Night Eating Syndrome: So Much More Than Just A Bedtime Snack


It’s perfectly normal to have something to eat after your evening meal or dig into a bedtime snack. But when these habits become frequent or extreme, they could be the sign of something more serious.

Night eating syndrome (NES) is a pattern of disordered eating that involves taking in a large amount of calories at night. And while the condition is not explicitly defined in the Diagnostic and Statistical Manual of Mental Disorders (DSM), the official list of all medically-recognized mental health disorders, it can still lead to a number of medical complications, and should be appropriately treated.

What is Night Eating Syndrome?

Night eating syndrome (NES) is a sleep-related eating disorder, technically classified under the umbrella term other specified feeding or eating disorder (OSFED). (1)

People with this condition frequently eat a large proportion of their daily food intake at night, either after their evening meal or during intermittent periods of snacking throughout the night. (2) There’s currently no official diagnostic criteria for NES, but some have proposed the consumption of at least 25% of daily calories after dinner, at least twice a week, as a benchmark. (3)

To diagnose night eating syndrome, doctors generally look for a pattern of these night eating episodes over at least three consecutive months, and consider them to be a primary symptom, as opposed to a characteristic of another mental health condition. (3)

Overall, it’s estimated that 1.5% of the general population—and anywhere from 6% to 16% of those in larger bodies—are living with NES. (5) Yet, it’s possible those numbers are actually even higher, as NES shares many overlapping symptoms with the much-more-commonly diagnosed binge eating disorder (BED).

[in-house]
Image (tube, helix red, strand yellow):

Signs and Symptoms of Night Eating Syndrome

While they can vary from person to person, common signs and symptoms of NES may include: (8)

  • A strong desire or urge to eat after dinner and before going to sleep
  • The belief that eating is necessary to fall asleep
  • Compensatory behavior for eating at night, such as skipping breakfast or feeling reluctant to eat in the morning (sometimes called morning anorexia)
  • Trouble falling asleep and/or staying asleep
  • Lowered mood or depressed mood, particularly in the evening and at nighttime

Importantly, people with NES are conscious or aware of their night eating episodes, and can recall them afterword. (8) This can help distinguish NES from other sleep-related issues and/or disordered eating patterns, including BED, which frequently involves “blacking out” during binge eating episodes.

What Causes Night Eating Syndrome?

Like most other eating disorders, night eating syndrome is generally attributed to a combination of biological, social, and psychological factors.

Biological and Psychological Causes of NES

  • Other eating disorders: Research has shown that NES frequently co-occurs with other eating disorders. Anywhere from 15-50% of individuals with NES are thought to have binge eating disorder, and approximately 35% have comorbid, or co-occurring, bulimia nervosa. (7, 8)